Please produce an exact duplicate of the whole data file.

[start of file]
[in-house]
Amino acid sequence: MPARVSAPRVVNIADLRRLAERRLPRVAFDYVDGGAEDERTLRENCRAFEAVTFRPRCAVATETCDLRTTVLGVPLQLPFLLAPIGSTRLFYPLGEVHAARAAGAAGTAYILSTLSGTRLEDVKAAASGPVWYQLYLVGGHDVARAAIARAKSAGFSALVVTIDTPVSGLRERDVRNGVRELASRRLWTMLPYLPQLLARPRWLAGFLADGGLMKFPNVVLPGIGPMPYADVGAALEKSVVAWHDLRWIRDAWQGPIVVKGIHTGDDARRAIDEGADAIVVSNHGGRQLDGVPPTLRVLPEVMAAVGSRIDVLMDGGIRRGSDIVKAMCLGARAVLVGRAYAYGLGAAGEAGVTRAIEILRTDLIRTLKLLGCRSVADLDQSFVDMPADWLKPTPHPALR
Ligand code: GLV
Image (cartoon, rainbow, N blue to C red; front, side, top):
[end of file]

[in-house]
Amino acid sequence: MPARVSAPRVVNIADLRRLAERRLPRVAFDYVDGGAEDERTLRENCRAFEAVTFRPRCAVATETCDLRTTVLGVPLQLPFLLAPIGSTRLFYPLGEVHAARAAGAAGTAYILSTLSGTRLEDVKAAASGPVWYQLYLVGGHDVARAAIARAKSAGFSALVVTIDTPVSGLRERDVRNGVRELASRRLWTMLPYLPQLLARPRWLAGFLADGGLMKFPNVVLPGIGPMPYADVGAALEKSVVAWHDLRWIRDAWQGPIVVKGIHTGDDARRAIDEGADAIVVSNHGGRQLDGVPPTLRVLPEVMAAVGSRIDVLMDGGIRRGSDIVKAMCLGARAVLVGRAYAYGLGAAGEAGVTRAIEILRTDLIRTLKLLGCRSVADLDQSFVDMPADWLKPTPHPALR
Ligand code: GLV
Image (cartoon, rainbow, N blue to C red; front, side, top):